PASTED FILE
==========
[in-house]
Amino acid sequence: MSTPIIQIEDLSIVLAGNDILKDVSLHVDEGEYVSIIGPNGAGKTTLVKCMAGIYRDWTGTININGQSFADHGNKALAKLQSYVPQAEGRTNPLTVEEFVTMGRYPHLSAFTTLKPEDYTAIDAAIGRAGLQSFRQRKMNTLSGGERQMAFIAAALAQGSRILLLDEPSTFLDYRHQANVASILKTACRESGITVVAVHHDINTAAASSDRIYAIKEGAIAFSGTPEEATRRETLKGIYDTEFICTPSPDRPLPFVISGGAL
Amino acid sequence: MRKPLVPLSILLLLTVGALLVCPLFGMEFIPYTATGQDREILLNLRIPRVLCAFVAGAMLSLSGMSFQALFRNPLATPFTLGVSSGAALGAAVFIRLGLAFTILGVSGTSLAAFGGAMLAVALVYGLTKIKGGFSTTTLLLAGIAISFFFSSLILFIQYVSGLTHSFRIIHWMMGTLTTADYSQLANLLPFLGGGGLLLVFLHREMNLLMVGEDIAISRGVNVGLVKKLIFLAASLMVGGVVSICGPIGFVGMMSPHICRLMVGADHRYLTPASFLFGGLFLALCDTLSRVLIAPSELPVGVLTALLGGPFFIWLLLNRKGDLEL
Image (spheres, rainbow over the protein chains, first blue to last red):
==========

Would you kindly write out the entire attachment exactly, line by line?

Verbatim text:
[in-house]
Amino acid sequence: MSTPIIQIEDLSIVLAGNDILKDVSLHVDEGEYVSIIGPNGAGKTTLVKCMAGIYRDWTGTININGQSFADHGNKALAKLQSYVPQAEGRTNPLTVEEFVTMGRYPHLSAFTTLKPEDYTAIDAAIGRAGLQSFRQRKMNTLSGGERQMAFIAAALAQGSRILLLDEPSTFLDYRHQANVASILKTACRESGITVVAVHHDINTAAASSDRIYAIKEGAIAFSGTPEEATRRETLKGIYDTEFICTPSPDRPLPFVISGGAL
Amino acid sequence: MRKPLVPLSILLLLTVGALLVCPLFGMEFIPYTATGQDREILLNLRIPRVLCAFVAGAMLSLSGMSFQALFRNPLATPFTLGVSSGAALGAAVFIRLGLAFTILGVSGTSLAAFGGAMLAVALVYGLTKIKGGFSTTTLLLAGIAISFFFSSLILFIQYVSGLTHSFRIIHWMMGTLTTADYSQLANLLPFLGGGGLLLVFLHREMNLLMVGEDIAISRGVNVGLVKKLIFLAASLMVGGVVSICGPIGFVGMMSPHICRLMVGADHRYLTPASFLFGGLFLALCDTLSRVLIAPSELPVGVLTALLGGPFFIWLLLNRKGDLEL
Image (spheres, rainbow over the protein chains, first blue to last red):